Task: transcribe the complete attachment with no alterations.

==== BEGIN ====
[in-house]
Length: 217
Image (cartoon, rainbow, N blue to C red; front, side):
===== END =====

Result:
[in-house]
Length: 217
Image (cartoon, rainbow, N blue to C red; front, side):